Refugees in Australia suffering from PTSD, study

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Refugees and people seeking asylum with insecure visas have significantly higher post-traumatic stress disorder (PTSD) symptoms and depression symptoms, and they’re nearly 2.5 times more likely to report suicidal intent than those with secure visas – showing how the state of prolonged uncertainty that refugees often live in is associated with negative mental health outcomes.

The study of more than 1000 refugees and people seeking asylum – the first set of results of a three-year longitudinal online survey of people from a refugee background living in Australia – was published today in the European Journal of Psychotraumatology. The study is a partnership between UNSW Sydney, Australian Red Cross, Settlement Services International (SSI), and Phoenix Australia at the University of Melbourne.

“Most of the world’s 23 million refugees and people seeking asylum live in a state of sustained uncertainty – but we don’t know a lot about the mental health impact of that prolonged insecurity,” says lead author Associate Professor Angela Nickerson, Director of the Refugee Trauma and Recovery Program at UNSW.

“That’s why we wanted to understand how refugees adapted after coming to Australia, so we can build an evidence base that informs policy and service provision.”

The team surveyed 1085 refugees from Arabic, Farsi, Tamil and English-speaking backgrounds who have arrived in Australia since January 2011 and have either secure (e.g. permanent residency or citizenship) or insecure visas (e.g. asylum seeker, temporary protection visa or bridging visa).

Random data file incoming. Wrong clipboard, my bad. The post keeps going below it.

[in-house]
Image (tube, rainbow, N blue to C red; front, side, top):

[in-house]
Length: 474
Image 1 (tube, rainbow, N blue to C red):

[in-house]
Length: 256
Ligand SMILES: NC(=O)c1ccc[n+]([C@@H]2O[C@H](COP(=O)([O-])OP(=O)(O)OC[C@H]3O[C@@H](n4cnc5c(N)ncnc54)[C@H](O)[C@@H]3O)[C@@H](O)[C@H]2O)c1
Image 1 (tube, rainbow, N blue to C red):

“Refugees with insecure visas reported significantly greater PTSD, depression symptoms, and thoughts of ‘being better off dead’. They were also 2.5 times more likely to report having a suicide plan than refugees with secure visas,” A/Prof Nickerson says.

These key findings were statistically significant even when controlling for – i.e. taking into account – refugees’ pre-migration exposure to trauma.

More social engagement among refugees with insecure visas

The second key finding of the study was that despite having more severe psychological symptoms on average, refugees with insecure visas were also significantly more socially engaged and connected to the Australian community than those with secure visas.

People on insecure visas were more likely to volunteer in their community, and to be active members of a sports club. Overall, they were a part of and received help from more social groups like sports groups, volunteer and charity groups, and community groups and individuals.

“This suggests that these refugees are forming social connections to help overcome the impact of their pre-migration experience to make a substantial contribution to the Australian community,” says A/Prof Nickerson.

The researchers found several interesting connections between social engagement and mental health: refugees with insecure visas who were part of a lot of social groups had reduced suicidal intent. Those with insecure visas who were part of fewer groups showed greater depression symptoms and had greater suicidal intent than those with secure visas and low group membership.

“This could mean facilitating active engagement in social groups for those with insecure visas is associated with lower psychological distress – highlighting the key role of social engagement in influencing mental health among insecure visa holders,” A/Prof Nickerson says.

Policy makers and service providers need to adapt